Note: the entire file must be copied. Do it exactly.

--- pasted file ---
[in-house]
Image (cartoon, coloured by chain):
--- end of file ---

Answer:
[in-house]
Image (cartoon, coloured by chain):